Financial journalist Grant (The Forgotten Depression: 1921: The Crash That Cured Itself, 2014, etc.) pays homage to the founding genius of the genre, the pioneering Economist editor and capital Victorian chap.
Walter Bagehot (1826-1877)—as the author helpfully points out, it’s pronounced “Badge-it”—was impossibly accomplished, devouring libraries of Latin literature as a child, writing literary essays as a teenager, insatiably learning, and, at his peak as a journalist, writing at least 5,000 meticulously arranged words per week. He was also largely self-taught in economics, a discipline that was then only beginning to shape itself. Grant recounts the prime minister and chancellor of the exchequer William Gladstone’s remark, “The machinery of our financial administration is complicated, and Mr. Bagehot is the only outsider who had thoroughly mastered it. Indeed, he understood the machine almost as completely as we who had to work it.” The author’s account is not without its complications, from the opening discussion of the British monetary system in the two-metal years to repeated encounters with financial panics and depression brought on by wishful thinking, willful error, and the inevitable bubbles and busts of the business cycle. Born into both banking and journalism, Bagehot, as editor and principal columnist for the Economist, was in a position to admonish, correct, and suggest; by Grant’s account, the treasury note is one result. He was also in a position, as Grant notes, to prognosticate and imagine: “To write about finance in a useful way,” writes the author, “is to take an unconventional view of the future (there’s not much demand for what everybody already knows).” Bagehot’s imagination led to a publication that, in his own image, was politically somewhat liberal and fiscally conservative, learned without being ponderous, and able to adapt and to admit error, all qualities that lend credence to Grant’s estimation of Bagehot as one whose “words live.”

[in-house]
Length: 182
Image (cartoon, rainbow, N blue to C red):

Essential for readers with an interest in the history of economics and, more important, how to write about and read the dismal science.